• Nicolas Grenier
  15. Service de Génétique Médicale, Hôpital Necker-Enfants Malades, AP-HP, Paris, France

    • Valérie Cormier-Daire
    • , Caroline Michot
    • , Stanislas Lyonnet
    •  & Jeanne Amiel
  16. Service de Chirurgie Maxillo-faciale et Chirurgie Plastique, Hôpital Necker-Enfants Malades, AP-HP, Paris, France

    • Arnaud Picard
    •  & Véronique Soupre
  17. Laboratory EA 2496 Orofacial Pathologies, Imaging and Biotherapies, Montrouge, France

    • Jeremy Sadoine
    • , Lotfi Slimani
    •  & Catherine Chaussain
  18. Service de Neuropédiatrie, Hôpital de la Mère et de l’Enfant, Limoges, France

    • Cécile Laroche-Raynaud
  19. Service d’Imagerie Pédiatrique, Hôpital Femme-Mère-Enfant, Bron, France

    • Laurent Guibaud
  20. Pharmacie, Hôpital Necker-Enfants Malades, AP-HP, Paris, France

    • Christine Broissand

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Contributions

Q.V. performed the experiments and analysed the data. T.B., S.H.R., O.B., S.S., S.P., F.M., B.K., P.M., N.G., D.J., V.C.-D., C.M., A.P., S.C.J., V.S., S.Ly., C.L.-R., L.G., C.B., J.A. and C.L. followed the patients and analysed the data. L.B. and N.B. performed the patient CT scans and MRIs and analysed the data. E.B. performed the PET scans and analysed the data. S.La., S.M, J.Y. and S.C.J. performed some in vivo and in vitro experiments. C.H. performed some mouse experiments. J.-P.D. analysed all the histological findings. C.B.-F performed PIK3CA genotyping in patients. J.S., L.S. and C.C. performed and analysed the mouse CT scans. F.T. was involved in data analysis and helped to write the paper. G.C. followed the patients, provided the conceptual framework, designed the study, supervised the project, and wrote the paper.

Competing interests

The authors declare no competing interests.

Corresponding author

Correspondence to Guillaume Canaud.

Extended data figures and tables

  1. Extended Data Fig. 1 p110* construction and mouse model characterization.

    a, Left, Representation of p110 and iSH2 domain of the p85 subunit (striped bar). The iSH2 domain is important to stabilize the p110α protein. The p110* protein is a constitutively active chimaera that contains the iSH2 domain of p85 fused to the N terminus of p110 via a flexible glycine linker14 (right). b, To generate tissue-specific p110*-transgenic mice, a cloned loxP-flanked neoR-stop cassette was inserted into a modified version of pROSA26-1 followed by the cDNA encoding p110* and then a frt-flanked IRES–EGFP cassette and a bovine polyadenylation sequence (R26StopFLP110*)13. c, d, EGFP expression from flow cytometry experiments in the spleen of PIK3CAWT mice (n = 12) and PIK3CACAGG-CreER mice injected with either a single 40 mg kg−1 dose (c; n = 6 mice) or a single 4 mg kg−1 dose (d; n = 6 mice) of tamoxifen. Each curve is a different mouse. e, MRI examination of the PROS mouse model and efficacy of BYL719 treatment. Top, arrows show muscle hypertrophy in PIK3CACAGG-CreER mice before BYL719 treatment. This phenotype was reversed by BYL719 administration. Middle, arrows show scoliosis in PIK3CACAGG-CreER mice before BYL719 treatment, which was rescued by BYL719 administration. Bottom, arrows show arterial dilation in PIK3CACAGG-CreER mice before BYL719 treatment, which was reversed by BYL719 administration (n = 6 mice per group). Source Data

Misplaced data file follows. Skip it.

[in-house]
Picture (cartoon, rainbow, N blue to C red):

2. Extended Data Fig. 2 Quantification and vessel malformation.

    a, Percentage of PIK3CAWT and PIK3CACAGG-CreER mice with or without BYL719 treatment presenting organ abnormalities. b, Oil Red O staining of the livers of PIK3CAWT and PIK3CACAGG-CreER mice demonstrating steatosis (n = 8 mice per group). Scale bars, 10 μm. c, CD31 (top) and CD34 (bottom) immunostaining in the liver of PIK3CAWT and PIK3CACAGG-CreER mice with or without BYL719 (n = 8 mice per group). PIK3CACAGG-CreER mice treated with vehicle showed vessel dilation that was prevented or reversed by BYL719. Scale bars, 10 μm. d, Representative picture of lymphatic malformation as assessed by podoplanin immunostaining in the liver of PIK3CAWT and PIK3CACAGG-CreER mice (n = 8 mice per group). Scale bars, 10 μm. e, Representative western blot of LYVE-1 in the liver of PIK3CAWT and PIK3CACAGG-CreER mice demonstrating lymphatic increased in the PIK3CACAGG-CreER mice (n = 8 mice per group). All data are shown as the means ± s.e.m. Mann–Whitney test (two-tailed, P = 0.001). PIK3CACAGG-CreER versus PIK3CAWT mice, ***P < 0.001.

  3. Extended Data Fig. 3 BYL719 affects proliferation.

    a, Ki67 immunostaining and quantification in liver, spleen and heart of PIK3CAWT and PIK3CACAGG-CreER mice with or without BYL719 treatment (n = 8 mice per group, 10 randomly selected fields per mice, ×400). b, TUNEL assay. The graphs show the quantification of TUNEL-positive cells per field (n = 8 mice per group, 10 randomly selected fields per mice, ×400). Scale bars, 10 μm. All data are shown as mean ± s.e.m. ANOVA followed by Tukey–Kramer test (two-tailed). PIK3CACAGG-CreER versus PIK3CAWT mice, ***P < 0.001. PIK3CACAGG-CreER mice treated with vehicle versus PIK3CACAGG-CreER mice treated with preventive BYL719, ###P < 0.001. PIK3CACAGG-CreER mice treated with vehicle versus PIK3CACAGG-CreER mice treated with therapeutic BYL719, +++P < 0.001.